return null;

    public void BeforeSendReply(ref System.ServiceModel.Channels.Message reply, object correlationState) { }
public class HttpRequestInformation
    public Uri Uri { get; set; }
    public string Method { get; set; }
    public string ContentType { get; set; }
    public long ContentLength { get; set; }
    public string Accept { get; set; }
    public string UserAgent { get; set; }
    public WebHeaderCollection Headers { get; set; }

Note that I'm manually grabbing the content length from the headers. Interestingly the content length header may not always be present. And its absence may not mean that the content length is zero (That's why I return a negative number if it is absent). The problem is the IncomingWebRequestContext ContentLength property does not check for the existence of the header before it parses it. So if its not there (Which is what's going to happen with a GET request) it will throw a null ref exception (Which can be confusing). I have submitted feedback here it you want to read more about this and Microsoft's response.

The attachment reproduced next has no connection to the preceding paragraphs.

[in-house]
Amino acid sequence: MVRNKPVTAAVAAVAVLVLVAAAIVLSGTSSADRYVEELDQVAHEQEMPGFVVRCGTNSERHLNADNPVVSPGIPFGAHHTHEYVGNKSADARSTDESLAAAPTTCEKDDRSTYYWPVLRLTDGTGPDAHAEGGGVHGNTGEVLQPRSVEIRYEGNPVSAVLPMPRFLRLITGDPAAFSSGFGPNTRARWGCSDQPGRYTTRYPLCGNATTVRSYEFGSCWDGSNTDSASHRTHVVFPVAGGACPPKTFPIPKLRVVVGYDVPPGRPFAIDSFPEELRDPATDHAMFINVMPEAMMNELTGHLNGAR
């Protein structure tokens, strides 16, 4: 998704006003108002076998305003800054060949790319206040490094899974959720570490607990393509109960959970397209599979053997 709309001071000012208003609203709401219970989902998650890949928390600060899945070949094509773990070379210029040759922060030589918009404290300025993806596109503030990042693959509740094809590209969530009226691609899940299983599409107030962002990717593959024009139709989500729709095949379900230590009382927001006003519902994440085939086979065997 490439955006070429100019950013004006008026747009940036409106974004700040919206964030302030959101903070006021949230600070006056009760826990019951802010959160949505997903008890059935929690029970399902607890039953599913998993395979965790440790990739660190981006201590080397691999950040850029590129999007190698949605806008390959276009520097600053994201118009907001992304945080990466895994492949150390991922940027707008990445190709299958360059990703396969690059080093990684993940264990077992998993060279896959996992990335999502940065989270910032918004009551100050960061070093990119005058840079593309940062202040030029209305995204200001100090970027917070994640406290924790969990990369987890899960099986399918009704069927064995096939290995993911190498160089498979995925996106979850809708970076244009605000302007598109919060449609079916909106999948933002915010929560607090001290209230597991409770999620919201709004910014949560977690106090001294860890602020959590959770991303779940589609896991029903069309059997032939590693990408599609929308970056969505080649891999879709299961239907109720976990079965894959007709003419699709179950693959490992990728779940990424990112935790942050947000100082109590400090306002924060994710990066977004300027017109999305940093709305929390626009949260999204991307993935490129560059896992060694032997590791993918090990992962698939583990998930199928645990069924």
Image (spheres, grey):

So now it's available in response code:

public bool HandleError(Exception error)
    HttpRequestInformation info;

    if (OperationContext.Current.OutgoingMessageProperties.ContainsKey(
        info = (RequestInformation)OperationContext.Current.OutgoingMessageProperties[
        info = new RequestInformation();

    LogHandler.Write(error, info);
    return true;

Do you know of a better way to handle this? If so, please leave a comment as I'm not 100% satisfied with this approach and would be interested in a simpler alternative.